magsview

Our obsession with growth is ruining the planet. A Green New Deal can save us

We seem to be caught between parallel universes. You may have caught a glimpse of the first last week, when GDP was announced to have grown by 3.2% in the first quarter of 2019, a “blockbuster” result that the White House economic adviser Kevin Hassert told CNBC is “absolutely” sustainable in the coming months and years. With unemployment at its lowest levels since 1969, Democrats eyeing the 2020 elections are starting to worry the economy might even be too good, making it more difficult to beat Trump next year.

The other universe made itself known on Monday, with the publication of a new report on global biodiversity from the UN Intergovernmental Science-Policy Platform on Biodiversity and Ecosystem Service (IPBES). Nature, researchers found, is in its worst shape in human history. As one scientist put it: “We are eroding the very foundations of economies, livelihoods, food security, health and quality of life worldwide.”

The IPBES chair, Sir Robert Watson, urged that it’s “not too late to make a difference” but said it would require “transformative change”.

“By transformative change,” he added, “we mean a fundamental, system-wide reorganization across technological, economic and social factors, including paradigms, goals and values.”

In one world, the US economy should proceed full speed ahead to gobble up as many resources as possible as soon as possible. In the other, reckless resource use is wrecking the planet. The trouble is that these two universes aren’t separate at all: the world in which GDP growth is valued above all else is the same one making life on Earth increasingly difficult, for humans and the ecosystems on which we depend.

Kate (Aronoff) then makes an interesting observation:

It’s here where the Trump boom offers an unlikely opportunity. However “sustainable” it might be in strictly short-term economic terms, it’s plainly suicidal in the long run. What’s made this boom remarkable, though, is that continued spending and dwindling unemployment haven’t triggered inflation in the way economists might expect. The idea that the economy needs to maintain some “natural” level of unemployment to avoid rising prices doesn’t seem to hold much weight any more, although has been a belief held to by policymakers across the political spectrum. The Trump White House is an odd candidate to show that old, bipartisan neoliberal economic dogmas are bunk, but that’s exactly what it’s (inadvertently) doing.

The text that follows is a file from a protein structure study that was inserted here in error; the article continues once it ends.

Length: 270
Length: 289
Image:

Those interested in heading off mass extinction should see this as a once-in-a-species opportunity to throw out those old rules altogether.

magsview

Sorry if this is a repeat:

USDA Employees Unionize As Buffer Against Trump White House

WASHINGTON ― A group of economists, statisticians and other employees at the Agriculture Department voted overwhelmingly to form a union Thursday, hoping to use collective bargaining as a way to push back against new policies coming from the Trump administration.

About 200 workers at the agency’s Economic Research Service will be represented by the American Federation of Government Employees, assuming the election results are ratified by a federal agency. The preliminary vote count was 138 in favor of unionizing, 4 against.

At a rally downtown ahead of the election, several ERS employees told HuffPost they were deeply worried about changes at the agency undertaken by political appointees, particularly a plan to move most of the workforce to a new, yet-to-be-determined location outside the Washington area.

They hoped having union representation would force more transparency about such plans and give them a seat at the table with an administration many view as hostile to their mission.

“It’s a form of protection,” explained one employee, who, like others, asked to speak anonymously for fear of being retaliated against. “All these little things pile up and [right now] we have no way to stop them. We’re optimistic the union can force the USDA to follow guidelines.”

jcitybone

https://fair.org/home/bernie-speaks-and-politico-hears-deviations-from-cold-war-orthodoxy/

Let’s sum up the fresh dirt Politico so helpfully prepared for anti-Sanders campaign consultants:

Sanders is against the media lying about countries targeted by the US government.

Sanders is against the US backing crimes against humanity.

Sanders is against economic warfare and coercion.

And Sanders is for exchange programs that would ease hostility between the US and other countries.

Now, I haven’t watched all the tapes. It’s very possible that Bernie Sanders said something “startling” in the 51 episodes of Bernie Speaks—but if he did, Politico didn’t find it. Instead, the publication showed us its own failure to dislodge from the corporate media’s anti-Communist, neo–Cold War worldview. In a Sanders story that tried to play nice—a rare find in establishment outlets—Politico nonetheless gave us a peek at US media jingoism that was past its sell-by date nearly three decades ago.

Skip to toolbar